It's also important to remember that nearly all practices are cash flow negative during the start-up and development phase. Make sure you're ready and have cash on hand to cover household expenses and retain insurance coverage during this transitional time.
Equipment and Office Supplies
The office equipment and supply needs can vary wildly. It will be partially driven by your office space decisions. There are many options to consider.
Sharing an office can be an arrangement that will enable you to cut some corners on telephone equipment, office furniture, and office equipment (copiers, fax, file cabinets). There are many co-working space options or offices for the rental inside of larger complexes to consider that can help you avoid having to commit to an entire office of your own.
If you do decide to opt for working at home, you'll want to make sure that you have a dedicated space at home to do this work. You'll also have to fund all the equipment. The other thing you'll want to consider is that you'll need a public business address to market yourself. If you're not comfortable using your home address, this might not be the right choice for you. Also, as mentioned previously, your home might not be in the ideal location to target and bring in new clients.
For basic equipment, don't forget about the the secondary market for used office equipment (e.g., Craigslist.org, etc.).
With the introduction of cloud computing, many new accounting firms are considering SaaS and hosted solutions like Thomson's Software-as-a-Service (Saas). These SaaS applications enable new firms to use more robust software applications and operate with higher levels of data security at a fixed monthly price.
The goal is to keep your headcount to a minimum. At the onset, the CPA usually does it all and adds employees only when necessary. Usually, the first new hires are part-time and/or per diem.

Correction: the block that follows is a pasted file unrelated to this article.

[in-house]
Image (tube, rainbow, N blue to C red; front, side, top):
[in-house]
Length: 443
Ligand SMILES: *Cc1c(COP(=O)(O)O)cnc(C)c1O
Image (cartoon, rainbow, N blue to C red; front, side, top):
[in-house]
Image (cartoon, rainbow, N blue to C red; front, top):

When you are ready to bring on staff, make sure you choose your employees carefully. They are integral to your success (or failure). Be picky and take the time to find the right people.
CPA Practice Marketing and Development
This is the area that most practitioners need the most assistance because up to this point, they have not been trained in marketing, selling, pricing, and practice management. In college and working as an apprentice for a public accounting firm, the emphasis is on performing the accounting work, not marketing and prospecting for it. One of the biggest changes to starting your own practice is you're no longer just a CPA, you're also a marketer and CEO.
In today's world, just opening a business is not enough. We can't assume that simply using referrals and word of mouth will be adequate to achieve your revenue goals. Not to mention, most referrals will come from your own clients so a new practitioner cannot count on enough referrals to be successful. Instead, you need to have a marketing plan set up to get new leads in the door. This marketing plan doesn't just include getting new clients, but also how to effectively sell your services and price them.